sold at 11 cents they make fair profit,
but it is believed the price will rule
higher this fall; hence those having
large yards are not anxious to con
tract the coming crop for less than
OUTLAWRY IN THE PHILIPPINES.
Methods Pursued by Tagals to Ter
rorize Peaceful Natives.
WASHINGTON, March 20. The
records in the cases' of 34 Filipino
natives, charged with various offenses
against military discipline in the Phil
ippines, including .murder, treason and
other acts of violence, have been re
ceived at the war department. These
records make plain the methods pur
sued by the insurgents to terrorize
the native inhaoitants of the islands,
and show cases of atrocities commit
ted upon the latter where they de
clined to comply with the demands
and the exactions of the so-called
In one case nine insurgent sympa
thizers, fully armed, seized in the
night a family of five persons and
killed them with oolos. . The motive
for the murder was the punishment
of the family for refusing to pay taxes
in support 6f the insurgent govern
ment. The guilty natives were sen
tenced to hard labor for 30 years. In
another case, under the orders of an
insurgent lieutenant colonel, a native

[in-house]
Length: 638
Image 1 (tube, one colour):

was seized, bound and made to sit
down while a soldier "held his head
and with a knife cut his throat." The
murderer was condemned to be
hanged. Most of the other cases were
the murder of innocent Filipinos by
alleged soldiers and officers of the in
surgent army, several of whom are
described as notorious bandits and
outlaws. The most atrocious, accord
ing to the records, is that of Eusebio
Rojas, who was sentenced to be
hanged, styling himself a lieutenant of
infantry in the insurgent forces, under
the command of Alejandrino. Rojas
claimed to exercise summary power
over the lives and property of the
natives who did not Dear arms against
the United States, and conceived it
to be his duty to murder peaceful and
law-abiding people living within his
so-called military jurisdiction.
Railroad Machinists Strike.
Iowa Falls, la., March 20. The ma
chinists and boiler makers employed
at the Burlington, Cedar Rapids &
Northern shops, in this city, have
walked out, and will not return to
Work until the differences between
the employes and officials are ad
justed. This action follows that of
the union .men at Cedar Rapids, and
it is reported it will be followed by
the men at Estherville, Watertown,
Albert Lea and other division points.
Fifteen Cars Wrecked.
Chehalis, Wash., March 20. Local
freight train No. 58 was badly wrecked
at Newaukum station, three miles
south of Chehalis, at 1 o'clock. Fif
teen cars were wrecked and a pusher
engine turned over on the side.
There were no fatalities. A wrecking
train is now at work, but the track
will not be cleared until early tomor
row morning. Passengers on the
trains bound in both directions were
An Engagement in Panay.
Manila, March 20. A force com
manded by Captain Shanks, of the
Eighteenth infantry, has had an en
gagement with the followers of Dio
cino, a noted Tagal leader, in Capise
province, island of Panay. Two of the
rebels were killed, and three, includ
ing Diocino, were wounded.
MEETING OF THE ENVOYS.